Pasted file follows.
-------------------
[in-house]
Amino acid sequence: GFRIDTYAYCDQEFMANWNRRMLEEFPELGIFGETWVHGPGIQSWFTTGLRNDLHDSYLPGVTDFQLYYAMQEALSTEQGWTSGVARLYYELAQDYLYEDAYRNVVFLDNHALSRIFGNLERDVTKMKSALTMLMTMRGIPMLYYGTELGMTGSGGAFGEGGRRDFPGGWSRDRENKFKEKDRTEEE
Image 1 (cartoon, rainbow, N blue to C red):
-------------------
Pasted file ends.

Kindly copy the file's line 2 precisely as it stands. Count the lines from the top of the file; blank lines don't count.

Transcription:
Amino acid sequence: GFRIDTYAYCDQEFMANWNRRMLEEFPELGIFGETWVHGPGIQSWFTTGLRNDLHDSYLPGVTDFQLYYAMQEALSTEQGWTSGVARLYYELAQDYLYEDAYRNVVFLDNHALSRIFGNLERDVTKMKSALTMLMTMRGIPMLYYGTELGMTGSGGAFGEGGRRDFPGGWSRDRENKFKEKDRTEEE